The definition of Tone seems to be entirely based on author's intent. But I remember reading that modern Literary Analysis heavily discourages relying on author's intent when Analyzing a passage. Why then, do we still analyze tone?

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    What do you mean by "tone"? The way I see it, the tone of a passage (its atmosphere, diction, feelings evoked, and so on) is independent of authorial intent, so there's no issue here. – Rand al'Thor May 31 '17 at 14:44
  • The first google result says "Tone, in written composition, is an attitude of a writer toward a subject or an audience. Tone is generally conveyed through the choice of words or the viewpoint of a writer on a particular subject." – Christopher Slojkowski May 31 '17 at 14:47
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    "But I remember reading that modern Literary Analysis heavily discourages relying on author's intent when Analyzing a passage. Why then, do we still analyze tone?" It's not that using authorial intent is discouraged, what's discouraged is using authorial intent as a word of god (i.e. it's always correct and overrides everything else), rather than using it as one of many sources and interpreting it in the wider context of what was actually written. – user111 May 31 '17 at 16:57
  • @Christopher The definitions given by Google don't always reflect all the nuances of meaning which a term has in a specialist context. In this case, a lot of casual readers might think that authorial intent should be the be-all and end-all, while experts in literature take a more nuanced view which Google's definition doesn't reflect. – Rand al'Thor May 31 '17 at 21:46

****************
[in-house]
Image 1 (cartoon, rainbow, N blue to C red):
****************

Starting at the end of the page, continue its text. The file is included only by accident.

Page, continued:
When people talk about tone, they're typically​ not talking about the tone the author intended, but rather, the tone the audience perceives. Tone isn't an absolute monolith intrinsic to a piece of writing - it's wholly a part of the way an individual perceives it. That makes it relevant to a great number of lenses.

To clarify the dictionary definition that you found in comments, there are a couple points worth noting. First, a lot of the definitions a surface search on Google will tell you are colloquial meanings, not literary ones. It's important to be skeptical of a surface-level definition of a complex topic. Especially because, when those definitions are correct, they often rely on words that have different literary and colloquial meanings, and so it's very easy to think a simple definition suffices when in reality it may have just confused you further. (Look up the definition of "text" for a clear example - even Wikipedia arguably gets this wrong.)

Second, in this case, it's actually a reasonable definition - but the writer is a rhetorical writer, not the actual writer. While some tonal information is encoded in what the reader knows about the writer, most of it is encoded in the word choice independent of intent, which is the "writer" the reader perceives.

(It's also important to note, as Hamlet mentions, that trying to discern what the author meant isn't universally a bad thing - it's just not the complete picture, and we need to be very careful not to over-broadly apply that kind of thinking to questions where it's not relevant.)

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